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http://assets-s3.rollingstone.com/assets/images/album_review/92d923c8beadc29fbd0c8843916c5e660c4b4083.jpg Backless

Eric Clapton

Backless

Rolling Stone: star rating
Community: star rating
5 0 0
December 28, 1978

Eric Clapton must want to be the Mississippi John Hurt of his generation: a sweet-tempered old soul who can communicate great pleasure and great pain in a mumble. The surprise is that he gets away with it so easily. In its way, Backless is a seductive record, if you're attracted to the interplay of Clapton's dolorous voice and Marcy Levy's raspy backup vocals, George Terry's slide guitar and Glyn Johns' pristine production. It's disheartening only if you're still looking for a Clapton album with a hint of the power and fire he brought to his best work — from Bluesbreakers to Layla. Me, I made my peace with great expectations a while back. I like the new LP, but it wouldn't make any difference if I didn't.

There's nothing calamitous on it. Oh, the two Bob Dylan songs must have been dredged up from the Sub-Basement Tapes, but "Walk Out in the Rain" contains a line that may be Dylan's definitive statement for this epoch: "If you don't want my love, it's a pity." And J.J. Cale's "I'll Make Love to You Anytime" must be the most dispassionate statement of those sentiments ever written. But even the "Lay Down Sally" remakes ("Watch Out for Lucy," "Promises," "Golden Ring") are redeemed, most often by Terry's stinging slide work. Clapton records are still a guitar fan's delight, only as often as not, it isn't Clapton's guitar that incites the listener.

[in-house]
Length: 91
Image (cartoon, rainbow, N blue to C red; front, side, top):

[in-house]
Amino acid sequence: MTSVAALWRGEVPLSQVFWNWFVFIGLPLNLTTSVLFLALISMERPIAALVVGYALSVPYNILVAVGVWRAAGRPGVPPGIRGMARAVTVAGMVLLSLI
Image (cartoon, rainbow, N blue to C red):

There are times when Eric Clapton and his Tulsa compatriots sound like a Midwest/British version of the Band. This is noticeable immediately on "If I Don't Be There by Morning," the album's second Dylan item and its Big Mumble. It comes through in the rolling accordion notes of "Golden Ring" and on "Tulsa Time," the only attempt Backless makes to rock out.

But Clapton almost never sounds like the Clapton of legend. He comes closest, naturally, on "Early in the Morning," a traditional blues all too obviously intended as a piece of filler on side two. The fact that it cuts everything else here to ribbons is only to be expected. Eric Clapton is, after all, a blues-based artist before he's anything else — even Robert Stigwood couldn't rewrite history sufficiently to deny that. And for all of you still holding out for something bigger (or better). I can only recommend the immortal words of Howlin' Wolf:

I asked her for water
She brought me gasoline
That's the terriblest water
That I ever seen.

Slowhand knows what I mean.

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